As Jad Fair and Norman Blake renew their unlikely collaboration at Leaf, Getintothis’ Paul Higham considers how contrasting musical styles can make such partnerships utterly compelling.
Jad Fair and Norman Blake have, on paper at least, always seemed unlikely bedfellows. Fair is better known as one half of the abrasively lo-fi and resolutely art-punk Half Japanese and is famous for a barely tuned and idiosyncratic approach to guitar playing. Blake, as one of the principal songwriters of Teenage Fanclub, is renowned for his harmonious, melodic and doe-eyed guitar pop.
With such contrasting backgrounds, how does such a collaboration hope to come together as a cohesive whole?
If clues were to be found in the pair’s previously shared ventures then one would be forgiven for not being overly optimistic. While it is fair to say that the reaction of longstanding Teenage Fanclub fans to the band’s turn-of-the-millennium unison with Jad Fair was decidedly mixed, not all responses carried the withering venom of this Guardian review. Yet, despite the promise shown by the sunnily-disposed new album, Yes, such gigs represent a trepidatious step into the unknown.
Indeed, arriving in expectation of the duo faithfully plugging their new album would have only led to disappointment. The main set comprised a mixture of initially Fair-led songs, then Blake taking the lead on fan-favourite Teenage Fanclub compositions, before Fair took to the vocals to close out the gig. All the while, the other provided subtle backing, initially with Blake on acoustic guitar before they both took up residence behind the drums.
So much for the collaborative spirit, you say? Yet this was absolutely a collaboration, that you could sense in the obvious bond and fellowship each clearly felt for the other. Such a bond proving that artistically diverse acts can work together outside their comfort zones and free from the safety net that that provides.
This was demonstrated right from the start. Fair‘s distinctively manic and anxious stage presence as he delivered his songs in a rapid rattle of half-sung, half-spoken verse was tempered by Blake‘s thoughtful acoustic playing. Little more than a repetitive single chord strum, it provided a focus and acted as a rein on Fair‘s wilder influences.
When it was Blake‘s turn to take the lead, Fair‘s insistent if formulaic drumming added a verve and dynamism to the Teenage Fanclub star’s best loved numbers. Where the likes of It’s All In My Mind and I Don’t Want Control Of You could easily have have been safe and unchallenging, Fair lent them an edge and a purpose, without ever overshadowing his partner’s careworn vocals and, just as importantly, the inherent beauty of the songs.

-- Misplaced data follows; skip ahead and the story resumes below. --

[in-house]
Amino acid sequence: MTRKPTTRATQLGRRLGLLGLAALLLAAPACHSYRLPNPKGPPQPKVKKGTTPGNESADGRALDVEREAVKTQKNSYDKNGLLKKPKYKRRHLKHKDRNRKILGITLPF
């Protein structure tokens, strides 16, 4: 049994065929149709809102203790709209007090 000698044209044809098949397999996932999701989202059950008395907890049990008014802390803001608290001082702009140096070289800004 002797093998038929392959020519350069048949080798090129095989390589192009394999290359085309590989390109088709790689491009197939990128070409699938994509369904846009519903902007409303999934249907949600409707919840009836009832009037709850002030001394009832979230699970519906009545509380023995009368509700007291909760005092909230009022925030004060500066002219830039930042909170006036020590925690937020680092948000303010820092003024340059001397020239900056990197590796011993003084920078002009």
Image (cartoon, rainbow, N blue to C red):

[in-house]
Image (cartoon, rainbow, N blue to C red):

If Blake‘s rendering of You Was Me recalled his own frustratingly short-lived collaboration with Euros Child of Gorky’s Zygotic Mynci, it was the return of Fair to lead vocal duties that reaffirmed the value of shared experiences. With both having previously supported Daniel Johnston, it felt appropriate that one of the evening’s high points was Fair‘s ferocious recital of Caspar The Friendly Ghost.
Frenetic and interspersed with furious squalls of guitar noise, it marked a sea-change in the night. The point where the experimental influences of Half Japanese pushed down the more melodic tendencies of Teenage Fanclub. It made for a captivating spectacle, as Blake, his eyes transfixed on Fair‘s every move, struggled manfully to keep up with his partner’s increasingly more improvised playing.
When those on stage aren’t sure where things may head, it can go one of two ways. Fortunately on this occasion the chaos stayed on the right side of organised without ever dampening the levels of interest.
It was only when the pair returned to the stage for an encore that things slackened – albeit only slightly and ironically when playing two songs from their new album. The backing-tape accompaniment felt unnecessary and the performance lost some its carefree charm as well as its intensity as a consequence.
While by no means offering the final word in collaboration, the showing demonstrated that bringing together contrasting styles can work. The lesson of this performance suggests that for collaborations to succeed each should embrace the other’s qualities while remaining loyal to their own distinctive talents.
In support we were reacquainted with the many and varied talents of Andrew Gordon Parry. Known to many as a member of emerging Liverpool garage-rock outfit Strange Collective as well as having impressed as WYWH, this time he fronted a three-piece, AJHD.
AJHD‘s set was rich in layered, textured and distorted noise, as waves of reverb heavy guitar noise filled the vast space of a barely filled Leaf. It felt incongruous to say the least to witness such a visceral display from the cosy table setting provided by such a venue.
Recalling the warped psychedelia of the likes of Spaceman 3 as well as American innovators of the shoegaze scene, such as Lawrence Chandler‘s Bowery Electric, the band seemed clear in their influences as the lengthy songs built under repetitive structures that increased progressively in intensity.
To be critical, perhaps the influences carried were worn a tad too heavily and the set lacked a bit of variety but beyond that the band were impressive. Such an impression was certainly shared by Norman Blake who offered the band an appreciative pat on the back as they cleared away their kit. Ones to watch for sure, provided Parry‘s many other commitments don’t result in his being spread too thinly.
Pictures by Getintothis’ Martin Waters.